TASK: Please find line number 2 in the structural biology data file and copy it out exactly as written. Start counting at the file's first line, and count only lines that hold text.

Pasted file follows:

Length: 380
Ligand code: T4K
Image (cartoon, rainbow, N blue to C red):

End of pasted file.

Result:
Ligand code: T4K